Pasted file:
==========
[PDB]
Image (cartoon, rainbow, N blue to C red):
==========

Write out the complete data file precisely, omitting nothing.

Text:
[PDB]
Image (cartoon, rainbow, N blue to C red):